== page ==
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An assessment of quality of sleep and the use of drugs with sedating properties in hospitalized adult… Frighetto, Luciana; Marra, Carlo; Bandali, Shakeel; Wilbur, Kerry; Naumann, Terryn; Jewesson, Peter Mar 24, 2004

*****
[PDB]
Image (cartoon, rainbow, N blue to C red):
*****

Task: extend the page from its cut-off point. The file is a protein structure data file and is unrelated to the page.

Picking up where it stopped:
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ralHealth and Quality of Life OutcomesssBioMed CentOpen AcceResearchAn assessment of quality of sleep and the use of drugs with sedating properties in hospitalized adult patientsLuciana Frighetto1, Carlo Marra1, Shakeel Bandali1, Kerry Wilbur1, Terryn Naumann1 and Peter Jewesson*1,2Address: 1Pharmaceutical Sciences Clinical Service Unit, Vancouver Hospital and Health Sciences Center (Vancouver General Hospital), 855 West 12th Avenue, Vancouver BC, Canada and 2Faculty of Pharmaceutical Sciences, University of British Columbia, Vancouver BC, CanadaEmail: Luciana Frighetto - frighett@interchange.ubc.ca; Carlo Marra - cmarra@interchange.ubc.ca; Shakeel Bandali - pjj@interchange.ubc.ca; Kerry Wilbur - kwilbur@interchange.ubc.ca; Terryn Naumann - tnaumann@vanhosp.bc.ca; Peter Jewesson* - pjj@interchange.ubc.ca* Corresponding author    AbstractBackground: Hospitalization can significantly disrupt sleeping patterns. In consideration of the previous reports ofinsomnia and apparent widespread use of benzodiazepines and other hypnotics in hospitalized patients, we conducted astudy to assess quality of sleep and hypnotic drug use in our acute care adult patient population. The primary objectivesof this study were to assess sleep disturbance and its determinants including the use of drugs with sedating properties.Methods: This single-centre prospective study involved an assessment of sleep quality for consenting patients admittedto the general medicine and family practice units of an acute care Canadian hospital. A validated Verran and Snyder-Halpern (VSH) Sleep Scale measuring sleep disturbance, sleep effectiveness, and sleep supplementation was completeddaily by patients and scores were compared to population statistics. Patients were also asked to identify factorsinfluencing sleep while in hospital, and sedating drug use prior to and during hospitalization was also assessed.Results: During the 70-day study period, 100 patients completed at least one sleep questionnaire. There was a relativelyeven distribution of males versus females, most patients were in their 8th decade of life, retired, and suffered frommultiple chronic diseases. The median self-reported pre-admission sleep duration for participants was 8 hours and ourreview of PharmaNetR profiles revealed that 35 (35%) patients had received a dispensed prescription for a hypnotic orantidepressant drug in the 3-month period prior to admission. Benzodiazepines were the most common sedating drugsprescribed. Over 300 sleep disturbance, effective and supplementation scores were completed. Sleep disturbance scoresacross all study days ranged 16–681, sleep effectiveness scores ranged 54–402, while sleep supplementation scoresranged between 0–358. Patients tended to have worse sleep scores as compared to healthy non-hospitalized US adultsin all three scales. When compared to US non-hospitalized adults with insomnia, our patients demonstrated sleepdisturbance and supplementation scores that were similar on Day 1, but lower (i.e. improved) on Day 3, while sleepeffectiveness were higher (i.e. better) on both days. There was an association between sleep disturbance scores and thenumber of chronic diseases, the presence of pain, the use of bedtime tricyclic antidepressants, and the number of chronicdiseases without pain. There was also an association between sleep effectiveness scores and the length of hospitalization,the in hospital use of bedtime sedatives and the presence of pain. Finally, an association was identified between sleepsupplementation scores and the in hospital use of bedtime sedatives (tricyclic antidepressants and loxapine), and age.Twenty-nine (29%) patients received a prescription for a hypnotic drug while in hospital, with no evidence of pre-admission hypnotic use. The majority of these patients were prescribed zopiclone, lorazepam or another benzodiazepine.Conclusions: The results of this study reveal that quality of sleep is a problem that affects hospitalized adult medicalservice patients and a relatively high percentage of these patients are being prescribed a hypnotic prior to and duringPublished: 24 March 2004Health and Quality of Life Outcomes 2004, 2:17Received: 20 August 2003Accepted: 24 March 2004This article is available from: http://www.hqlo.com/content/2/1/17© 2004 Frighetto et al; licensee BioMed Central Ltd. This is an Open Access article: verbatim copying and redistribution of this article are permitted in all media for any purpose, provided this notice is preserved along with the article's original URL.Page 1 of 10(page number not for citation purposes)hospitalization.Health and Quality of Life Outcomes 2004, 2 http://www.hqlo.com/content/2/1/17BackgroundSleep is essential for health and quality of life. [1] Insom-nia is a subjective complaint of dissatisfaction with thequantity, quality or timing of sleep. [2,3] This disorder isestimated to occur in approximately 12% to 25% of thegeneral population, although this is probably an underes-timate as there is evidence that many adults do not reporttheir sleep problems to a health care professional. [4,5] Itis well recognized that hospitalization can significantlydisrupt sleeping patterns. [3,6,7] In hospitalized patients,the most common causes of acute insomnia include theeffects of illness, environmental sleep disruption, medica-tion, anxiety, and depression. Investigators have shownthat insomnia in the hospitalized patient leads toincreased fatigue, irritability, and aggressiveness as well asdecreased pain tolerance. [3]Treatment of insomnia in the institutional setting is gen-erally aimed at correcting underlying medical disorders,reducing environmental sleep disruptions, and loweringanxiety with psychological interventions and relaxationtraining or pharmacotherapy. [8]Benzodiazepines are the most common drugs used for thepharmacological management of acute insomnia in bothinstitutionalized and ambulant patients. [9-20] Of theavailable agents, short and intermediate-acting benzodi-azepines such as lorazepam and oxazepam have becomethe most commonly prescribed for this indication. Whilethese agents have proven to be efficacious and relativelysafe, benzodiazepines are associated with a multitude ofadverse effects which are most commonly observed withhigher doses and prolonged use. [11] Common sideeffects include residual daytime sedation ("hangover"),anterograde amnesia, and respiratory depression. [9]Rebound insomnia has also been associated with benzo-diazepines. Tolerance to the hypnotic effects of the shortand intermediate-acting agents can develop within one totwo weeks of use and abrupt discontinuation can result inwithdrawal symptoms such as anxiety, confusion, disori-entation, insomnia, and perceptual changes. [9] Benzodi-azepines have been frequently implicated in drug-associated hospital admissions. [11] Non-benzodi-azepine hypnotics are now receiving attention as alterna-tives to our traditional armamentarium for the treatmentof insomnia. In addition to new agents such as zopiclone,zolpidem, and zaleplon, nonprescription products suchas diphenhydramine, doxylamine, and melatonin appearto be potential alternatives for short-term use. [17]Sleep quality in a hospitalized patient can be measured bya variety of methods including the use of movement mon-itoring devices, brain electrical activity, sleep diaries andpatients. The Verran and Snyder-Halpern (VSH) SleepScale represents one such scale that has been used tomeasure sleep quality in hospitalized patients [3,7,21].This validated scale encompasses the different parametersof sleep such as sleep disturbances, number of awaken-ings, difficulty in falling asleep and time spent sleeping isa valuable instrument.In consideration of the previous reports of insomnia andapparent widespread use of benzodiazepines and otherhypnotics in hospitalized patients, we conducted a studyto assess quality of sleep (as defined by the VSH SleepScale) and hypnotic drug use in our acute care adultpatient population. The primary objectives of this studywere to assess sleep disturbance and its determinantsincluding the use of drugs with sedating properties. Thesecondary objectives of this study included an assessmentof the degree of sleep effectiveness and supplementationand their determinants. Finally, a comparison of ourstudy patient results to previously published results in dif-ferent patient samples was conducted.MethodsThis study was conducted at an 800-bed adult tertiarycare, Canadian teaching institution over a 70-day period(February – April 2001). The study received university eth-ics committee and hospital research committee approvalsprior to initiation.PatientsAdult patients who were admitted to the general medicineor family practice wards during the study period were con-sidered eligible for the study. Inclusion criteria forenrollment included age (18 years or older), ability tocomplete the sleep assessment questionnaires and a will-ingness to provide written informed consent. For eachpatient, the ability to complete the sleep questionnaireswas assessed by one of the study investigators through areview of the health record (to assess past medical history,history of present illness, reason for admission and Eng-lish language skills) and discussion with members of theprimary health care team.Data collection and schedule of evaluationUpon enrollment, consenting patients were interviewedusing a subject information questionnaire (please seeadditional file, Appendix 1) to capture information per-taining to patient demographics, pre-admission sleepcharacteristics and pre-admission use of sedating drugs ator around bedtime. Patients were explicitly asked to pro-vide information as to whether their illness had led tosleep loss or disruption in normal sleep times during thelast two months; whether they had any routine assistancePage 2 of 10(page number not for citation purposes)sleep scales. A sleep scale is an effective method of objec-tively determining the quality of sleep in hospitalizedfor achieving sleep; whether they had (or were planningto) work a night shift with daytime sleeping within theHealth and Quality of Life Outcomes 2004, 2 http://www.hqlo.com/content/2/1/17last two months and whether or not they were currentlyexperiencing any stress which might disrupt their normalsleep patterns.Each patient was then requested to complete a daily ques-tionnaire (commencing on the day of enrollment) con-taining the VSH Sleep Scale and questions regarding sleepdisturbances and potential adverse reactions to any sedat-ing drugs administered during hospitalization (please seeadditional file, Appendix 2). Using this questionnaire,patients provided an assessment of the quality of theirprevious night's sleep. Finally, patients were also asked toidentify three potential causes of sleep disruption accord-ing to causes that we previously identified from the litera-ture. These included pain, shortness of breath, or havingto use the washroom that resulted in awakening.In an attempt to improve the accuracy of their recollec-tion, patients were requested to complete their sleepassessments for the previous 24 hours before 1200 hrs onthe next day. When necessary, the investigators respondedto patient requests to clarify questions and/or assistedwith the physical marking of the sleep scale. No attemptwas made to influence the response to any question.Patients were requested to complete the daily sleep ques-tionnaires until discharge or withdrawn from the study.Measurement of sleep qualityThe VSH Sleep Scale utilizes three scales (sleep distur-bance, sleep effectiveness, and sleep supplementation) tocharacterize overall sleep quality. [3] Psychometric testingof this sleep scale has been conducted in ambulatory andhospitalized patient populations. [22] Sleep quality (asmeasured by the sleep disturbance scale) was consideredthe primary study outcome parameter. The sleep distur-bance scale characterizes sleep fragmentation and latencyas measured by seven sleep properties. Fragmentationcharacteristics include mid-sleep awakening, wake aftersleep onset, movement during sleep, soundness of sleep,and quality of disturbance while latency characteristicsinclude sleep latency and quality of latency. Each charac-teristic is measured using a 100 mm visual analogue scaleand the total score for the primary outcome of sleep dis-turbance is a sum of the scores from each scale (total scoremaximum 700). A lower total score on this scale indicatesa lower degree of sleep disturbance. [3]The secondary outcome parameters for this studyincluded the degree of sleep effectiveness and sleep sup-plementation (and their determinants) as measured bythe VSH Sleep Scale. The sleep effectiveness scale meas-ures both quality and length of sleep as perceived by thepatient using the following five characteristics: rest uponual analogue scale is used to measure each of the fiveitems and these scores are summed to represent a totalscore. The maximum possible total score is 500 with ahigher score representing greater sleep effectiveness. [3]The sleep supplementation scale measures the degree towhich the bulk sleep period is augmented with additionalsleep time. The four characteristics measured are daytimesleep, morning sleep, afternoon sleep, and wake after finalarousal. The scores from each of these scales are summedto obtain a total score (total score maximum 400). Inaddition, the total sleep period is calculated by adding thescores from wake after sleep onset and total sleep time. Ahigher total score on this scale represents a worse out-come, as more supplemental sleep was needed. [3]Drug use assessmentDuring hospitalization, information regarding adminis-tration of hypnotic drugs or other medications that mayhave affected sleep was extracted by the investigators fromthe health record and confirmed through discussions withthe health care team and patient. This information wasrecorded using a standard data collection form.To augment self-reported information regarding pre-admission drug use, we accessed a provincial communityprescription database (PharmaNetR) to identify prescrip-tion hypnotics (benzodiazepines or zopiclone) and anti-depressants (any class) that had been dispensed by apharmacy during the 3-month period prior to admission.Statistical analysisA sample of 100 patients with one or more completedsleep questionnaires was considered to be adequate forthe purpose of characterizing the quality of sleep and itsdeterminants based on previous studies and the analyticmethods employed. Descriptive analyses of patient demo-graphics, hypnotic use, drugs influencing sleep, sleep dis-turbing factors, and sleep scale scores were undertakenusing SPSS version 10.0.Due to the correlated nature of the repeated VSH SleepScale observations in each participant, generalized esti-mating equations (GEE) using the identity link were uti-lized to model the scores on each of the scales (dependentvariable) and possible predictors. The selection of predic-tors began with a univariate analysis of all variables thatwere identified a priori as being potential predictive factorsfor each dependent variable. Those variables with a p-value ≤ 0.10 were retained for inclusion in the finalmodel. Regression co-efficients (β) and standard errors(SE) are reported for each association. Model fit wasassessed by the closeness to 1.0 of the deviance statisticPage 3 of 10(page number not for citation purposes)awakening, subjective quality of sleep, sleep sufficiencyevaluation, total sleep time, and total sleep period. A vis-divided by its degrees of freedom. We used SAS version8.0 (SAS Institute, Inc., Cary, North Carolina), for allHealth and Quality of Life Outcomes 2004, 2 http://www.hqlo.com/content/2/1/17inferential statistical analyses. All p-values were derivedfrom two-sided hypothesis tests and were unadjusted formultiple comparisons. Plots of the residuals were exam-ined to determine if the assumptions of regression wereviolated.To assess differences in quality of sleep between our studyparticipants and other populations, mean sleep scoreresults for study days 1 and 3 were compared to normativedata published by Verran and Snyder-Halpern [22] for102 healthy adults (65% female, mean age 39.5 years (SD10.4)) and adults with insomnia (73% female, 45.5 years(SD16.1)) in their usual sleep environment in the UnitedStates.ResultsDuring the study period, health records were screened for295 consecutively admitted patients to determine poten-tial study eligibility. Of these patients, 193 were excludeddue to severity of illness or language barriers that wereconsidered by the investigators to seriously impede thepatient's ability to provide informed consent and com-plete the sleep questionnaires. Of the 102 patientsenrolled into the study, two patients were unable to com-plete any sleep questionnaires. The remaining 100patients completed at least one questionnaire. These par-ticipants were typically enrolled in the study within thefirst few days of admission (median 3 days (range 0–27)),while enrollment was occasionally delayed for those whowere transferred from another service.Patient demographics, pre-admission sleep characteristicsand sedative drug use are shown in Table 1. There was arelatively even distribution of males versus females, andpatients were typically in their 8th decade of life, retiredand diagnosed with multiple documented chronic dis-eases. The five most commonly recorded chronic diseaseswere hypertension (18% of patients), depression (14%),CVA (12%), COPD (10%) and CHF (9%). The five mostcommonly recorded chief complaints resulting in hospi-talization were GI bleed/ulcer (15%), CHF (9%), pneu-monia (8%), atrial fibrillation (3%) and angina (3%).The median self-reported pre-admission sleep durationfor participants was 8 hours and less than 30% of patientsclaimed to use sedating drugs on or around bedtime priorto admission.Sleep disturbance, effectiveness and supplementationThree hundred and thirty-two sleep disturbance, 308sleep effectiveness scores, and 332 sleep supplementationwere completed by the participants during the studyperiod. Sleep disturbance scores across all study days402, while sleep supplementation scores ranged between0 – 358.When mean quality of sleep scores for Day 1 (100patients) and Day 3 (52 patients) were compared withnormative published data for healthy and insomniacadults in their usual sleep environment, our patientstended to have worse sleep scores as compared to healthynon-hospitalized US adults in all three scales (Figure 1).Conversely, when compared to US non-hospitalizedadults with insomnia, our patients demonstrated sleepdisturbance and supplementation scores that were similaron Day 1, but lower (i.e. improved) on Day 3, while sleepeffectiveness were higher (i.e. better) on both days.The results of the GEE regression analysis are presented inTable 2. There was an association between sleep distur-bance scores and the number of chronic diseases, the pres-ence of pain, the use of bedtime tricyclic antidepressants,and the number of chronic diseases without pain. Therewas an association between sleep effectiveness scores andthe length of hospitalization, the in hospital use of bed-time sedatives and the presence of pain. Finally, there wasan association between sleep supplementation scores andthe in hospital use of bedtime sedatives (tricyclic antide-pressants and loxapine), and age. There was no associa-tion between sleep scores and the other variablesinvestigated.Drug use assessmentTwenty-nine (29%) patients reported using a sedatingTable 1: Patient demographicsParameter (N = 100) ValueGender (%)Male 41Female 59Ward (%)General Medicine Ward 42Family Practice Ward 58Mean age, yrs (range) 75 (35 – 97)Median number of chronic diseases (range) 3.0 (0 – 7)Median duration of sleep at home, hrs (range) 8 (1 – 14)Employment status (%)Retired 79Unemployed 8Part-time employment 4Full-time employment 9Sedative use at home (%)Yes 29No 71Page 4 of 10(page number not for citation purposes)ranged 16 – 681, sleep effectiveness scores ranged 54 – drug at or around bedtime while at home. According toour review of PharmaNetR profiles for these patients, 35Health and Quality of Life Outcomes 2004, 2 http://www.hqlo.com/content/2/1/17(35%) patients had actually received a dispensed prescrip-tion for a hypnotic or antidepressant drug in the 3-monthperiod prior to the current admission. Benzodiazepineswere the most common class of sedating drug prescribed(Figure 2). A PharmaNetR profile was not available forfour (4%) patients.Hypnotic agentsThirty-six (36%) patients did not have a hypnotic pre-scribed prior to or during hospitalization. Thirty-one(31%) patients had a continuation of their pre-admissionhypnotic prescription while in hospital, whereas anotherfour (4%) patients had their pre-admission hypnotic dis-continued while in hospital. Finally, 29 (29%) patientshad a hypnotic prescription initiated in hospital, with noevidence of pre-admission hypnotic use.Overall, 60 (60%) patients were prescribed zopiclone or abenzodiazepine for bedtime hypnotic use while in hospi-tal (Figure 3). Lorazepam was the most popular hypnoticprescribed followed by zopiclone, oxazepam, clon-azepam, alprazolam, temazepam, or a combination ofagents.Other drugs with sedating propertiesPatients were also prescribed a variety of other sedatingdrugs at bedtime during their hospitalization. Figure 4depicts the classes of drugs used as a percentage of thetotal patient observations recorded. Of those whoreceived a hypnotic the night prior to filling out a ques-tionnaire, 68 (20%) of observations revealed the admin-istration of a benzodiazepine while 37 (11%) revealed theadministration of zopiclone. Other notable drugs withsedating properties that were used at bedtime includedantidepressants, antipsychotics, antinauseants and nar-cotic analgesics.DiscussionThis study was designed to provide an objective measureof the quality of sleep and its predictive factors for hospi-talized adult patients at our institution. Our results showthat these inpatients have significant impairment in allsleep scales, and a quality of sleep that is inferior to non-institutionalized healthy adults and almost as impaired asinsomniacs. Although predictors varied across scales, bed-time sedative use was consistently associated (either posi-tively or negatively, depending on the agent) with sleepoutcomes. Sixty percent of our patients received a pre-Comparison of VSH Sleep Dimensions1Figure 1Comparison of VSH Sleep Dimensions (data represents mean VSH scores for each sleep dimension).Page 5 of 10(page number not for citation purposes)scription for a bedtime hypnotic. Thus, it would appearthat despite widespread sedative drug use in the hospital,Health and Quality of Life Outcomes 2004, 2 http://www.hqlo.com/content/2/1/17patients still experience sleep impairment. Zopiclone wasfound to be beneficial for sleep disturbance, butdetrimental for sleep effectiveness and supplementationrelative to other sedative drugs includingbenzodiazepines.Previous investigations have revealed that the most com-mon factors affecting sleep in hospitalized patientsinclude the effects of illness, environmental sleep disrup-tion, additional medication, anxiety, and depressiondecreased pain tolerance. [3] We found that sleep distur-bance was explained by the number of chronic diseases,presence of pain, bedtime sedative use and an interactionterm between pain and number of chronic diseases. Ofinterest, we had expected that as the number of chronicdiseases increased, the sleep disturbance score would alsoincrease. However, we found the opposite and are unableto explain this observation. This is further complicated bythe interaction term that found that chronic diseases withpain are associated with a decrease in sleep disturbance.Table 2: Relationship between sleep subscales and predictive factors95% CIFactor β coefficient Lower Upper p-valueSleep disturbance subscale*Sleep loss/disruption due to illnessYes 48 -7.83 105.01 0.092No (reference) 0 0 0# of chronic diseases -30.33 -46.78 -13.88 0.0003PainYes (reference) 0 0 0No -135 -218.31 -51.71 0.0015Bedtime sedative <0.0001None 57.33 -13.48 128.15 0.11Benzodiazepines 60.75 -12.87 134.4 0.11Tricyclic antidepressants 250.73 189.25 312.22 <0.0001Loxapine 16.24 -94.09 126.57 0.77Zopiclone (reference) 0 0 0# of chronic disease without pain 27.16 3.51 50.81 0.024# of chronic disease with pain (reference) 0 0 0Sleep supplementation subscaleAge (by year) -1.88 -3.07 -0.7 0.0018Bedtime sedative <0.0001None -18.12 -54.66 18.41 0.33Benzodiazepines -39.55 -83.68 4.58 0.079Tricyclic antidepressants -57.82 -92.51 -23.13 0.0011Loxapine 2.92 -112.48 118.33 0.96Zopiclone (reference) 0 0 0Sleep effectiveness subscaleDay of hospitalization -2.65 -4.88 -0.43 0.02Bedtime sedative 0.0031None 33.8 16.24 51.36 0.0002Benzodiazepines 32.82 13.87 51.78 0.007Tricyclic antidepressants 29.74 13.47 46.02 0.0003Loxapine 20.18 4.35 36.01 0.013Zopiclone (reference) 0 0 0PainYes (reference) 0 0 0No -15.76 -30.04 -1.47 0.031* Scaled deviance value divided by its degrees of freedom = 1.03 $ Scaled deviance value divided by its degrees of freedom = 1.02 # Scaled deviance value divided by its degrees of freedom = 1.02Page 6 of 10(page number not for citation purposes)[3,6,7]. Insomnia in the hospitalized patient leads toincreased fatigue, irritability and aggressiveness as well asPotentially, this could be confounded by the use of nar-cotic agents (i.e. narcotics would be expected to alleviateHealth and Quality of Life Outcomes 2004, 2 http://www.hqlo.com/content/2/1/17pain and may induce sleep) within the hospital. Furtherinvestigation into these results is warranted. For the sleepsupplementation scale, increasing age was associated withless supplementation. This may be because older peoplegenerally require less sleep. For sleep effectiveness, lengthof hospitalization resulted in lower scores. Thus, forpatients with prolonged duration of hospital stay, specialattention should be paid to their sleep patterns. Pain wasassociated with a better sleep effectiveness score (oppositeto its impact on sleep disturbance). Again, this resultcould be confounded by the use of narcotic agents in thehospital.Tranmer et al [21] recently assessed the sleep experience ofmedical and surgical patients during their stay in a Cana-dian teaching hospital using the Verran and Snyder –Halpern sleep scale. When scores for the 54 medicalpatients in this study were adjusted for visual analoguescale differences, it is apparent that our study patients gen-erally had reported more sleep disturbance, greater sleepeffectiveness and similar sleep supplementation needs.This was likely related to differences in the patient popu-lations (e.g. patients in this recent study tended to beyounger, predominantly male and from a limitedselection of diagnostic groups) as well as differences in thePre-admission hypnotic and antidepressant use1Figure 2Pre-admission hypnotic and antidepressant use (35 patients (35%) were prescribed a hypnotic or antidepressant during the 3-month period prior to admission according to our review of PharmaNetR records).Benzo63%Antidepressant14%Benzo combo3%Zopiclone9%Unknown11%Page 7 of 10(page number not for citation purposes)physical environments between the two study settings.Similar to Tranmer et al, we found an association betweenHealth and Quality of Life Outcomes 2004, 2 http://www.hqlo.com/content/2/1/17sleep quality and a number of internal and external fac-tors. In both studies, patients with longer hospital staystended to report better sleep, likely reflecting an increasedfamiliarity with the new surroundings. Older patients andthose with pain had a poorer quality of sleep.According to our analysis, approximately one-third ofinsomnia. This observation was not surprising consider-ing the prevalence of insomnia (~25%) in the generalpopulation [2]. Sixty percent of patients received a pre-scription for a hypnotic while in hospital and about one-half of these appear to have been hypnotic-naïve patients.This finding is consistent with observations published ina 2002 report by Ramesh and Roberts [20]. These investi-Distribution of hypnotic drugs prescribed during hospitalization1Figure 3Distribution of hypnotic drugs prescribed during hospitalization (N = 60 patients including 31 (31%) patients had a continuation of their pre-admission hypnotic prescription while in hospital and 29 (29%) patients had a hypnotic prescription initiated in hos-pital with no evidence of pre-admission hypnotic use).Lorazepam & Zopiclone2%Lorazepam35%Temazepam2%Oxazepam & Lorazepam6%Alprazolam4%Oxazepam16%Clonazepam6%Zopiclone29%Page 8 of 10(page number not for citation purposes)patients used a hypnotic prior to admission and contin-ued therapy during hospitalization for the treatment ofgators assessed inpatient and discharge prescribing of ben-zodiazepines used for sleep induction in two IndianHealth and Quality of Life Outcomes 2004, 2 http://www.hqlo.com/content/2/1/17medical wards over a 3-month period and found that 57%of those patients prescribed benzodiazepines in hospitalwere not taking a benzodiazepine at home prior to admis-sion. Approximately one in three inpatients in our studyreceived a benzodiazepine during admission and thisfinding is also similar to that reported in 2001 by Elliottet al [19]. Accordingly, it appears that hypnotic agentscontinue to be widely used in our hospitalized medicalpatient population and benzodiazepines remains themost commonly prescribed hypnotic drug class for thispurpose.participants. As such, it is possible, by applying our inclu-sion/exclusion criteria, that we selected people with lessserious sleep deficits. This could potentially bias ourresults and affect the generalizability of our findings.However, we believe that this is a conservative bias in thatwe still found a significant proportion and degree of sleepdeficits in our sample. While most patients were enrolledwithin a few days of hospitalization, enrollment wasdelayed for others and this may have influenced theirquality of sleep scores. No attempt was made to directlyassess this potential relationship. We relied on patient rec-ollection of sedating drug use prior to admission. Hyp-Drugs with sedating properties prescribed for bedtime administration during hospitallization1Figure 4Drugs with sedating properties prescribed for bedtime administration during hospitalization (percentage based upon 339 observations).No36%Benzo20%Other combo18%Antinauseant1%Benzo + Zopiclone2%Benzo combo1%Narcotic2%Antipsychotic4%Antidepressant5%Zopiclone11%Page 9 of 10(page number not for citation purposes)There are several limitations associated with this study.Foremost, we screened 295 patients in order to recruit 100notic use prior to hospitalization was confirmed by aPharmaNetR review; however, over-the-counter andPublish with BioMed Central   and  every scientist can read your work free of charge"BioMed Central will be the most significant development for disseminating the results of biomedical research in our lifetime."Sir Paul Nurse, Cancer Research UKYour research papers will be:available free of charge to the entire biomedical communitypeer reviewed and published immediately upon acceptancecited in PubMed and archived on PubMed Central Health and Quality of Life Outcomes 2004, 2 http://www.hqlo.com/content/2/1/17herbal hypnotic agents purchased without a prescriptionare not captured by this database. For the purposes ofquality of sleep comparisons with non-hospitalizedpatients, we relied on quality of sleep scores reported fora younger, predominantly female sample group. [22]Accordingly, it is not possible to conclude with any cer-tainty that institutionalization alone accounted for a dif-ferent in sleep quality between these two groups. Finally,this study involved patients in the general medicine andfamily practice areas of this hospital only; thus, we cannotextrapolate our results to the general hospital population.The results of this study reveal that quality of sleep is aproblem that affects hospitalized adult medical servicepatients and a relatively high percentage of these patientsare being prescribed a hypnotic prior to and duringhospitalization.Authors' contributionsLF, CM and PJ conceived of the study. LF, CM, SB, KW, TN,PJ collaborated in the design of the study and the draftingof the proposal, literature search and final manuscript. SB,KW, TN participated in the collection of the data. LF, CM,PJ performed the statistical analysis. PJ functioned as thecoordinating investigator with support from LF and CM.All authors read and approved the final manuscript.AcknowledgementsWe thank the patients who participated in this study, as well as the health care professionals that supported its conduct.References1. Asplund R: Sleep disorders in the elderly. Drugs Aging 1999,14:91-103.2. Holbrook AM, Crowther R, Lotter A, Cheng C, King D: The diag-nosis and management of insomnia in clinical practice: apractical evidence-based approach. CMAJ 2000, 162:216-220.3. Snyder-Halpern R, Verran JA: Instrumentation to describe sub-jective sleep characteristics in healthy subjects. Res NursHealth 1987, 10:155-163.4. Walsleben J: Sleep disorders. Am J Nurs 1982, 82:936-940.5. Dement WC: The proper use of sleeping pills in the primarycare setting. J Clin Psychiarty 1992, 53 Suppl(12):57-60. Review6. Kaempfer SH: Comfort: Sleep. 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Taylor S, McCracken CF, Wilson KC, Copeland JR: Extent andappropriateness of benzodiazepine use. Results from an eld-erly urban community. British J Psychiatry 1998, 173:433-438.15. Gales BJ, Menard SM: Relationship between the administrationof selected medications and falls in hospitalized elderlypatients. Ann Pharmacother 1995, 29:354-358.16. Grad RM: Benzodiazepines for insomnia in community-dwell-ing elderly: a review of benefit and risk. J Fam Pract 1995,41:473-481.17. Anonymous: Hypnotic drugs. The Medical Letter on Drugs andTherapeutics 2000, 42:71-72.18. Tu K, Mamdani MM, Hux JE, Tu JB: Progressive trends in theprevalence of benzodiazepine prescribing in older people inOntario, Canada. J Am Geriatr Soc 2001, 49:1341-1345.19. Elliott RA, Woodward MC, Oborne CA: Improving benzodi-azepine prescribing for elderly hospital inpatients using auditand multidisciplinary feedback. Intern Med J 2001, 31:529-535.20. Ramesh M, Roberts G: Use of night-time benzodiazepines in anelderly inpatient population. J Clin Pharm Ther 2002, 27:93-97.21. Tranmer JE, Minard J, Fox LA, Rebelo L: The sleep experience ofmedical and surgical patients. Clin Nurs Res 2003, 12:159-173.22. Verran JA, Snyder-Halpern R: Visual Analog Sleep (VAS) Scales.Tucson:University of Arizona; 1990:1-7,11. yours — you keep the copyrightSubmit your manuscript here:http://www.biomedcentral.com/info/publishing_adv.aspBioMedcentralPage 10 of 10(page number not for citation purposes)prevalence of benzodiazepine use in the older population ofNova Scotia: A cause for concern? Can J Clin Pharmacol 1999,6:149-156.